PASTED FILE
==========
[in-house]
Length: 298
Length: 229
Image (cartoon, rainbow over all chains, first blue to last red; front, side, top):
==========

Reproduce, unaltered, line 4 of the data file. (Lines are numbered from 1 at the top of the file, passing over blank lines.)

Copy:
Image (cartoon, rainbow over all chains, first blue to last red; front, side, top):